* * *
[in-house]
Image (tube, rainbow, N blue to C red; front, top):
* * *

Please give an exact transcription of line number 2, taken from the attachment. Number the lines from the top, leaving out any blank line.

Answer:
Image (tube, rainbow, N blue to C red; front, top):